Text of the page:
One of the coolest things about the Field Museum is its impressive collection of rare and massive dinosaur fossils—the most famous (and fearsome) being Sue the T. rex. But while these creatures just stand around looking awesome, the museum's new dino residents will act much more like they did 75 million years ago. In May, the Field Museum will debut “Jurassic World: The Exhibition,” which promises to be the most life-like simulation of dinosaurs to date. Visitors will get up close and personal with a Brachiosaurus, Velociraptor and Tyrannosaurus rex, all while learning about the actual science of dinosaur DNA. And although that sounds a lot like Richard Attenborough's giddy description of actual dinosaurs in the original Jurassic Park, the Field Museum is looking to the blockbuster film franchise for inspiration (minus the dinosaurs-eating-people part). “One of our goals as a museum is to provide visitors with the best dinosaur experience in the world,” Field Museum President Richard Lariviere said in a statement. “Our fossil collections are one of the greatest things about the Field Museum, and the Jurassic World dinosaurs are an incredible way to spark our imaginations about them.” The traveling exhibit, which is produced by Universal Brand Development and Imagine Exhibitions, made previous stops in Philadelphia and Melbourne, Australia. The Creature Technology Company (known for its work on the BBC miniseries Walking with Dinosaurs) designed the animatronic dinosaurs, w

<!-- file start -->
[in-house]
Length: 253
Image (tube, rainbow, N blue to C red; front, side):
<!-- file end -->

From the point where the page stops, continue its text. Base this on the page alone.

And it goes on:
Belgian director Ivo van Hove’s stripped-down revival of Arthur Miller’s A View from the Bridge will open the Goodman Theatre’s fall season, announced today. It's the leadoff of a season that also includes new works by Suzan-Lori Parks, Rogelio Martinez, Sarah DeLappe and Ellen Fairey, as well as a Robert Falls–helmed revival of Ibsen’s An Enemy of the People and a new production of Having Our Say: The Delany Sisters’ First 100 Years. Van Hove’s Bridge originated at London’s Young Vic in 2014 and transferred to the West End, then to Broadway, racking up Olivier and Tony Awards along the way (not to mention five-star reviews from my counterparts at Time Out London and Time Out New York). It’s since been seen at L.A.’s Ahmanson Theatre and the Kennedy Center in Washington; it comes to the Goodman’s Albert Theatre September 9 to October 15. Later in the Albert, Goodman artistic director Falls will stage the world premiere of Martinez’s Blind Date (January 20–February 25), about the 1985 Geneva Summit between Ronald Reagan and Mikhail Gorbachev, and the concurrent and equally tense meeting of Nancy Reagan and Raisa Gorbachev. That’s immediately followed by Falls’s new production of An Enemy of the People (March 10–April 15). Chuck Smith will helm Having Our Say (May 5–June 10), the play adapted by Emily Mann from the oral history of the centenarian Delany sisters. And Kimberly Senior will stage the world premiere of Fairey’s Support Group for Men (June 23–July 29), a contemporary